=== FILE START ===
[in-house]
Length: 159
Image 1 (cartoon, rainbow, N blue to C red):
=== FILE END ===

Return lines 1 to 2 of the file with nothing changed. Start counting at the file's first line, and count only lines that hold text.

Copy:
[in-house]
Length: 159